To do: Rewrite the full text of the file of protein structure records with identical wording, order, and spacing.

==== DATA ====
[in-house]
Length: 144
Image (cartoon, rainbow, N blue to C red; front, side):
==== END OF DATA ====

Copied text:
[in-house]
Length: 144
Image (cartoon, rainbow, N blue to C red; front, side):